Baltimore Ravens defensive end Calais Campbell, two months after signing what will likely be his final NFL contract, competed in the 2022 World Series of Poker on Saturday where he spoke with PokerNews about his love of poker and the upcoming football season.
Campbell was one of over 5,500 players in Day 1c of Event #5: $500 The Housewarming No-Limit Hold’em. He earned his second career WSOP cash, but was eliminated before the session concluded.
On a break near the Day 1c money bubble, the 14-year NFL veteran who played his college ball at the University of Miami said he anticipates big things from his team this coming football season.
The Ravens started out 8-3 in 2021 and were among the Super Bowl contenders. But inconsistent play and injury issues with quarterback Lamar Jackson changed everything. Baltimore finished out the season with six consecutive losses and finished 8-9, missing the playoffs.
“Lamar Jackson getting injured, you can’t win without your quarterback,” Campbell told PokerNews of the Ravens’ late-season struggles. “Our backup played great and good teams win regardless, but you know, Lamar Jackson is a special player.”
Don’t worry, Ravens fans, your Pro Bowl defensive end believes the 2021 issues won’t trickle over to this coming season.
“Oh yeah, yeah, absolutely,” the defensive lineman said when asked if he anticipates a better outcome from his team in 2022. “It’s football, you know, if it was just Lamar that was hurt and we had everybody else in place, I think we an survive. But if we’re at full strength with Lamar and all the other players that were hurt last year, I think we’re a really tough team to beat.”
Just how good can the Baltimore Ravens be in 2022, assuming the team avoids major injury problems?
“I think we have Super Bowl potential.”
Campbell was initially rumored to be pondering retirement following the 2021 season. Instead, he signed a two-year contract extension with the Ravens for $12.5 million. He’ll enter the season at age 36, old by NFL defensive lineman standards. Although he understands he’s on the back end of his brilliant career, he’s still confident he can produce at a high level against some of the best athletes in the world.
“Without a doubt,” Campbell said upon being asked if he can still produce in the NFL. “I feel great, I’ve got a good regimen that works for me to get prepared, and I dedicate so much time to being really good at football. As long as my body continues to respond, I still love it, and I’ll keep playing.”
Campbell began his NFL career in 2008 with the Arizona Cardinals where he spent nine seasons before playing for the Jacksonville Jaguars from 2017-2019. He’s been in Baltimore ever since where he’ll likely finish his career. The former Miami Hurricane All-American has 93.5 quarterback sacks in the NFL in 213 games played (194 starts), and has been selected to the Pro Bowl six times in 14 seasons.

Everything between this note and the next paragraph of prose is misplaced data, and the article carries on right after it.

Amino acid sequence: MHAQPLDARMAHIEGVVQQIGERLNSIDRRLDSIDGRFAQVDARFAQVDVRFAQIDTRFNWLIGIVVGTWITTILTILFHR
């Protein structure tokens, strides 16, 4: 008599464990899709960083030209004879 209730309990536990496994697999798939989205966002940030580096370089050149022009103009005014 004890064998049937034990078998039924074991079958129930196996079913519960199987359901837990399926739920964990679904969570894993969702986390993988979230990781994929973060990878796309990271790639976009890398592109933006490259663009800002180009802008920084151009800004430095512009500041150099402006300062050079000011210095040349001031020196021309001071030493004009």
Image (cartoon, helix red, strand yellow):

Calais Campbell the Poker Player
Campbell has spent his entire life working to become an elite athlete. But he’s also become quite competitive at the poker table, a game he took up as a hobby back in college.
“In 2009, when I was in Arizona, I won the second tournament I ever played,” Campbell said. “There were like 70 players.”
The Housewarming event isn’t the first World Series of Poker tournament he’s played in, however. He’s been chasing bracelets for quite some time.
“I usually play one tournament a year other than COVID,” Campbell explained. “I had a good run seven years ago, my first action playing WSOP, I had a really good run in the Millionaire Maker. I got to the second day, and then late in the second day I had top 10-percent in chips, but one of the guys at the table he had one of those monster stacks. He had me covered and I lost set over set and it killed me.”
Campbell has one prior cash in a WSOP event back in 2019, a 338th place finish for $1,292 in Event #37: $800 No-Limit Hold’em Deepstack.
What would Campbell rather accomplish: winning a World Series of Poker gold bracelet or NFL Defensive Player of the Year award?
“NFL Defensive player of the year,” he said. “I’ve dreamt of that since I was six, although I do plan on winning a bracelet one day, maybe a few.”
Giving Back to the Community
Due to his athletic talents, Campbell has made millions of dollars and become a wealthy man who is set for life financially. But he hasn’t forgotten the financial struggles his family endured growing up.
Campbell, along with his family, started the Charles R. Campbell Foundation to honor his late father who passed away when the future NFL star was 17 (2003). The non-profit organization helps those who come from underprivileged backgrounds thrive through educational scholarships and a reading program.
“I think anyone that’s blessed with the things that I’ve been blessed with, you should help, you should give back, you should try to help your neighbor,” Campbell says. “We’re tribal people by nature. We’re meant to go through this life together, and I grew up fairly tough and we needed help at times. I’ll never forget when help was there and how gratifying that was. My dad always raised us to help our neighbors, to help people in need. It feels good when you do it.”
“The world we live in, you get what you put out. So if you put out love and support, you put out help, when your time of need comes, you’ll have people do the same for you.”
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